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Learning the language of school history: the role of linguistics in mapping the writing demands of the secondary school curriculum

Coffin, Caroline (2006). Learning the language of school history: the role of linguistics in mapping the writing demands of the secondary school curriculum. Journal of Curriculum Studies, 38(4) pp. 413–429.

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DOI (Digital Object Identifier) Link: http://dx.doi.org/10.1080/00220270500508810
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Abstract

This paper reports on a research study which used the tools of functional linguistics to illuminate the writing requirements of the history curriculum in the context of Australian secondary schools. It shows how the resulting linguistic description was integrated into a sequence of teaching and learning activities through collaboration between linguist specialists and content/pedagogic specialists. These activities were designed to facilitate students’ writing skills whilst simultaneously developing their historical knowledge. An independent evaluation of the approach pointed to positive changes in teachers’ attitudes and behaviours regarding the role of language in learning history. Equally, students’ writing improved, particularly in terms of its organisation and structure.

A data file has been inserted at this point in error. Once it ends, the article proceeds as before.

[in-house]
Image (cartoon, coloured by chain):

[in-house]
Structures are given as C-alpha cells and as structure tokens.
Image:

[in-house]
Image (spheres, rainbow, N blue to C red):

Item Type: Journal Article
ISSN: 0022-0272
Keywords: functional linguistics; language research; history instruction; writing across the curriculum; writing (composition); teacher collaboration
Academic Unit/Department: Education and Language Studies > Centre for Language and Communication
Interdisciplinary Research Centre: Centre for Research in Education and Educational Technology (CREET)
Item ID: 5529
Depositing User: Users 13 not found.
Date Deposited: 16 Oct 2006
Last Modified: 03 Dec 2010 22:47
URI: http://oro.open.ac.uk/id/eprint/5529
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